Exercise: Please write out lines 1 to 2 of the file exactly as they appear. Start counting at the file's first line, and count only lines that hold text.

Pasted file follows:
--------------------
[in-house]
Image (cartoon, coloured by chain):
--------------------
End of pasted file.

[in-house]
Image (cartoon, coloured by chain):